The T-cell receptor (TCR) is required for maturation and function of regulatory T cells (Tregs), but the ligand specificities of Tregs outside the context of transgenic TCRs are largely unknown. Using peptide-MHC tetramers, we isolated rare specific Foxp3(+) cells directly ex vivo from adult peripheral blood and defined their frequency and phenotype. We find that a proportion of circulating Tregs recognize foreign antigens and the frequency of these cells are similar to that of self-reactive Tregs in the absence of cognate infection. In contrast, the frequencies of Tregs that recognize some common microbial antigens are significantly reduced in the blood of most adults. Exposure to peripheral antigens likely has a major influence on the balance between Tregs and conventional T-cell subsets because a larger proportion of flu-specific T cells has a regulatory cell phenotype in the cord blood. Consistent with this finding, we show that lymphocytic choriomeningitis virus infection can directly modulate the ratio of virus-specific effectors and Tregs in mice. The resulting change in the balance within an antigen-specific T-cell population further correlates with the magnitude of effector response and the chronicity of infection. Taken together, our data highlight the importance of antigen specificity in the functional dynamics of the T-cell repertoire. Each specific population of CD4(+) T cells in human peripheral blood contains a subset of Tregs at birth, but the balance between regulatory and effector subsets changes in response to peripheral antigen exposure and this could impact the robustness of antipathogen immunity.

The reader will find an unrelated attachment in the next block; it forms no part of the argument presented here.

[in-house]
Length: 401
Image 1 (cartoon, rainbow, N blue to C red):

Antigen exposure shapes the ratio between antigen-specific Tregs and conventional T cells in human peripheral blood.